• A new oversight or steering group that you intend to create just for this engagement. This would be a group with diverse representation from the people you are trying to engage.

  • A manager within your organisation.

Whoever your oversight is, it’s crucial that you confirm their commitment to the engagement. You may need their support later if you encounter conflict or unexpected roadblocks during the engagement. They may also have guidance for you on how the engagement can fit with other organisational priorities or decision-making processes.

We often work to set up an oversight group that has a diverse range of stakeholders. Because then the oversight group becomes a helpful codesign mechanism. They can help you make sure the design of the engagement suits the audience.

For example: When we worked with the Nelson Festival Trust, there was a new governance board in place who acted as the oversight group. But when working with the Top of the South Youth Impact Forum, we helped to establish a new steering group with representatives from government, the youth sector and young people.


What is your role and why? Who are your partners? Who are the key groups interested in this issue?

He aha te mea nui o te ao? He tangata, he tangata, he tangata. What is the most important thing in the world? It’s people, people, people.
— Māori whakatauki (proverb)

This is the biggest box on the Canvas for a reason. This is another of the sections where you need to take your time. Slowing down now will speed you up later.

There are many ways to identify and analyse the people who are most relevant to your engagement. We recommend that you ask three questions:

What is your role and why?

You need to begin by thinking about your organisation’s role. And don’t make an assumption that you should be the leader - simply because you hold the pen at this moment in time.

Are you a leader? A partner? An advocate? A funder? A distributor of information?

If you know your role, you can then approach other people and organisations with much clearer expectations.

Who are your partners?

If you’ve decided you are a leader of the engagement, who else should co-host with you? These are your partners. These are the groups with equal responsibility over the issue in question.

In Aotearoa New Zealand where we’re based, this question helps us to live the principles of Te Tititi o Waitangi - the founding document signed between European settlers with indigenous Māori. The principle of partnership is one of the key principles of the Treaty.

If you approach Māori after you’ve defined the problem and settled on the process, you are not treating them like a partner; you're treating them like any other group.

Therefore, your first question needs to be: Who are are our partners?

Who are the key groups interested in this issue?

These are the people or groups who you must invite. This might be because they:

  • have strong feelings about the issue in question

  • are likely to bring a different viewpoint to the table

  • are influential on this issue.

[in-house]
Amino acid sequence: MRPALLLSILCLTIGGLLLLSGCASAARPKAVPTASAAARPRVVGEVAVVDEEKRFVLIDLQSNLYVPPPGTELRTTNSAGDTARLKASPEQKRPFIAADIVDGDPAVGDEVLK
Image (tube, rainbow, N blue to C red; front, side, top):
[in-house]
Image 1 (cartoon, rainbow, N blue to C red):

If you can list out the 20 or 30 people who are interested in this issue, you will be off to a good start. Once you have done an initial braindump, you may want to go back with a different coloured pen to see if there any patterns. Or there might be one or two people who are key because they are linked to almost all the other key groups.


What level of influence will people have in this engagement?

There is no greater engagement sin than creating expectations you cannot meet. The Influence section will help you clarify how much people can influence the decisions and actions taken as a result of engagement.

The “Spectrum of Influence” created by the International Association for Public Participation is a widely used tool for identifying the level of influence people can have.

Image from

Image from

If you want to use a more detailed participation framework, we recommend the AA1000 Stakeholder Engagement Standard (AA1000SES) 2015.

You need to identify the influence that different people or groups will have during the engagement. You may want to draw lines from the People section of your Canvas over to the Influence section. 

It may be that different people have different levels of influence at different points in time during your project. Or it might simply be that everybody will be at one level for the duration of the project.

There may be some people or groups who you are nervous about engaging with. Trouble-makers. Rabble-rousers. Table-bangers. You may have some other names entirely! 

With these groups, it’s important that you are clear about the influence they have. And remember - friction is a key ingredient to building trust - as we’ve written about here. Friction in an engagement process is usually a positive sign, although it may not feel that way at the time.


What methods will you use to engage and communicate?

Many people make the mistake of starting their engagement planning by choosing the methods they will use. Our minds like to jump straight to the solution. 

But we’ve put the methods section halfway through the Canvas to ensure you choose methods that will suit the people you want to engage and the desired outcomes you are seeking.

How do you decide which method to use?

We are currently developing a tool to help you identify which engagement method to use in different situations.

In the meantime, we recommend an online tool called the Dialogue Designer. This was created by Traverse, a consultation and engagement firm. The tool guides you through 3 key questions (about objectives, target audience and sensitivity) before suggesting appropriate methods.